OneMain’s net charge-offs were down for the quarter, at 4.41%, compared to 4.67% in 1Q21 and 6.33% in 2Q20. Chairman & CEO Doug Shulman commented “Our credit performance remains very strong and continues to benefit from the proactive credit tightening actions that we implemented at the start of the pandemic, the unprecedented levels of government support over the past 15 months and our robust underwriting capabilities.”

AmEx also enjoyed strong loan growth of 7.5% QoQ, while loan net write-off rates fell to 1.0% from 1.4% in the first quarter. 

Share price performance on companies reporting this week was mixed. Live Oak jumped 7.4% on its best quarter on record, reporting $1.41 EPS, compared to $0.88 in 1Q and $0.09 in 2Q20. Ally was up as well, with its highest level of consumer auto originations in 15 years ($12.9Bn) and strong net revenue growth of 7.6% QoQ. 

Source: Google Finance, PeerIQ

Looking for the latest on fintech lending originations volume and performance? Reach out to to learn about the data and analytics we have on the sector.

Robinhood to Offer One Third of IPO Shares to Its Customers

Robinhood can’t help but stay in the headlines, it seems. The stock trading and crypto app is on track to IPO imminently. In an unusual move aligned with its philosophy of “democratizing” finance, Robinhood plans to make available as much as a third of its shares, potentially worth around $770Mn, to users of its app.

Robinhood won’t be the first to make IPO shares available to its own customers, but firms typically reserve just 1-2% of shares for this purpose. The high allocation to its retail customers doesn’t come without risks. There is technical complexity in filling a larger quantity of smaller orders. While retail traders are warned against “flipping” shares, there’s nothing to stop them from doing so, which could drive elevated volatility when the shares begin trading.

Expanded access for retail consumers is an admirable goal, so long as they are adequately protected and understand the risks of the investment they’re making.

Square Launches SMB Bank Accounts

In its latest product launch building out its SMB capabilities, Square announced Square Banking last week. The offering joins Square’s existing POS payment processing and lending product, which has been renamed Square Loans. The banking offering will include checking and savings accounts with no account minimum, no overdraft or recurring fees, and will offer 0.5% APY on savings.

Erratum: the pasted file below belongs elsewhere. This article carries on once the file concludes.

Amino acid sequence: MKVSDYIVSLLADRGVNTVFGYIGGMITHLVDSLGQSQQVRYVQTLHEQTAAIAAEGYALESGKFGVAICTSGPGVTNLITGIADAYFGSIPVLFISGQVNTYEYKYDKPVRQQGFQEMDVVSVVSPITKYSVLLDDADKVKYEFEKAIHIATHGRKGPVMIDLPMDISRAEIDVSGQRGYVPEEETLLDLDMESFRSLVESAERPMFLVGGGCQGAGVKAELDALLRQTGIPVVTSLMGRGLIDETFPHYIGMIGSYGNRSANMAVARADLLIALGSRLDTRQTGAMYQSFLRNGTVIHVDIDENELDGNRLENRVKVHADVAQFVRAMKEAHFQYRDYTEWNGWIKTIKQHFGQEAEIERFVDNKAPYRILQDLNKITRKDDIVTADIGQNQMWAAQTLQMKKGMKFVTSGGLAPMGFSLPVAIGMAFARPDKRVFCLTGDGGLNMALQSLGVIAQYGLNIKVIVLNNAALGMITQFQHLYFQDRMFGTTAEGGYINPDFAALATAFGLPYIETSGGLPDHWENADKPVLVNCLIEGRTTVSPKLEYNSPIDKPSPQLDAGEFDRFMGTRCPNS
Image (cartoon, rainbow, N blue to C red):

The deposits from the accounts will be held at the company’s recently launched industrial bank, Square Financial Services. Over time, the industrial bank could grow to form a lynchpin across Square’s various business and consumer offerings, allowing it to launch new products, reduce payment processing costs, and boost margins.

Blend Makes NYSE Debut

Digital lending platform Blend, which we profiled a couple weeks ago, made its debut on the NYSE this week. It ended trading Thursday at $17.26 per share for a market cap of about $3.8Bn. Congrats again to the entire Blend team!

In the News:

Americans’ Medical Debts Are Bigger Than Was Known, Totaling $140 Billion (New York Times, 07/21/2021) Researchers found that 18% of Americans hold medical debt in collections, and between 2009 and 2020, unpaid medical bills became the largest source of debt that Americans owe collections agencies.

Should You Worry About Inflation? Experts Weigh In. (New York Times, 07/19/2021) Economists have mixed inflation outlooks, as consumer prices increase at the fastest pace since 2008.

Trends in Reported Assistance on Consumers’ Credit Records (CFPB, 07/13/2021) Research finds most consumers have exited the payment assistance they received early in the pandemic.

Warren: CFPB Should Take a Closer Look at Overdraft Fees, Crypto (American Banker, 07/19/2021) The Massachusetts Senator pushes for greater oversight of “predatory behavior” related to overdraft fees and financial scams within crypto markets.

Revolut, Europe’s $33 Billion Fintech Giant, Launches a Travel Booking Feature (CNBC, 07/20/2021) The fintech firm launches Stays, a feature that lets users book hotels and other accommodations, offering customers 10% cashbook on bookings made through its app.

Opportunity Financial (“OppFi”) and FG New America Acquisition Corp. Complete Business Combination (Business Wire, 07/20/21) The leading fintech platform that serves consumers turned away by traditional providers begins trading on NYSE under “OPFI”.

Fintech, Crypto Firms Boost NBA Marketing Spending as Banks Cut Back (American Banker, 07/19/2021) Fintechs spend on NBA marketing, with Chime paying for its logo on the Mavericks’ jerseys and LendingTree on Hornets jerseys.

With Open Banking on the Horizon, the Fintech-SME Love Story is Just Beginning (Tech Crunch, 07/16/2021) Open banking would allow fintechs access to valuable consumer data, which may help them design customized solutions for SMEs.

Lighter Fare:

Job-Hunters, Have You Posted Your Résumé on TikTok? (New York Times, 07/19/2021) Gen Z turns to TikTok for job search.